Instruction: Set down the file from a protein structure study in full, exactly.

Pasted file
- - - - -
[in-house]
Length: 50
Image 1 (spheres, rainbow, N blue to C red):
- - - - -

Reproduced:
[in-house]
Length: 50
Image 1 (spheres, rainbow, N blue to C red):